Here are the noteworthy trade secret, restrictive covenant and cybersecurity posts from the past month or so:
The Defend Trade Secrets Act
- The U.S. District Court for the Eastern District of Texas has found that certain deer registry information qualified as a combination trade secret under the DTSA and Oklahoma’s version of the UTSA, as explained by Michael Weil and Tierra Piens for Orrick’s Trade Secrets Watch blog.
- The issue of whether the DTSA applies to misappropriation that may have taken place prior to the DTSA’s enactment has been one of the more frequent areas of litigation under the DTSA. Jonathan Shapiro of Epstein Becker has a summary on these cases for Law360.
Legislative and Regulatory Updates
- Nevada has bucked the trend of states that are diluting or limiting the availability of restrictive covenants. Robert Milligan and Lauren Leibovitch describe the particulars of the new statute in Seyfarth’s Trading Secrets Blog.
- In Venable’s Trade Secrets & Transitions Blog, Cody Lonning and Douglas Mishkin detail the Trump Administration’s decision to withdraw from the burgeoning fray over non-competes at the federal level.
Trade Secret Litigation Procedure
- Because of the real or perceived differences between states over the scope and breadth of restrictive covenants, disputes over the governing forum and the enforceability of forum selection clauses appear to be increasing. Seyfarth’s Erik Weibust and Dallin Wilson have a post detailing one of the many races to the courthouse involving a California litigant for Seyfarth’s Trading Secrets Blog.
- In a must-read post for litigators, Joshua Gilliland has a post in his Bowtie Law Blog on preservation orders to ensure third parties preserve evidence that may be relevant to pending trade secret litigation.
- For those litigating in Texas, Leiza Dolghih writes in her North Texas Legal News blog about a recent federal decision holding that an employee did not violate Texas’ civil theft statute when he allegedly downloaded his former employer’s trade secrets.
- Anyone reading this blog is no doubt aware of recent media criticism of the use of non-competes, which have been criticized as impediments to innovation and potentially being misused against low-wage employees. In this debate, California — which forbids non-competes — is frequently held out as an exemplar, in support of the argument that California’s ban on non-competes has fueled the success of Silicon Valley. In an important post in his Fair Competition Blog, Russell Beck cautions about making too many assumptions about the impact of non-competes on innovation in California, noting that trade secret laws have been aggressively used by employers as a proxy for non-competes in California.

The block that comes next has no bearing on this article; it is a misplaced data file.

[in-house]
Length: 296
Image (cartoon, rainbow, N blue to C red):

- In light of the present non-compete climate, Bernie Fuhs, Philip Korovesis and Haley Jonna of Butzel Long have put together a client alert that details the public relations consequences that can accompany a poorly-drafted or improperly-enforced non-compete, along with steps that employer can take to avoid becoming the next Jimmy-Johns or Goldfish.
- Peter Steinmeyer has a nice summary in Epstein Becker’s Trade Secrets & Non-Compete Blog of a recent Illinois case that declined to find that a mass LinkedIn notification qualified as a violation of a former employee’s non-solicitation agreement. Ben Fink of Berman Fink Van Horn also provides his thoughts on the same case.
Historical and Social Trade Secret Commentary
- For those frustrated history professors, Jim Pooley has a wonderful post in Orrick’s Trade Secrets Watch about an 18th century journeyman Samuel Slater who might have helped spark the industrial revolution in the United States by stealing his former mentor’s trade secrets.
- Ohio State law professor Rebecca Wexler has written a sobering op-ed piece for The New York Times on the reluctance of computer developers to share the underlying information that they have assembled that is used to by law enforcement officials to evaluate parole and probation requests by inmates. According to Professor Wexler, when the developers have declined to provide their analytics, they have invoked their trade secret rights.
Patents v. Trade Secrets
- A recent European Union Intellectual Property Organization (EUIPO) survey has found that companies prefer trade secret protection over patent protection, as reported by Dugie Standeford for Intellectual Property Watch.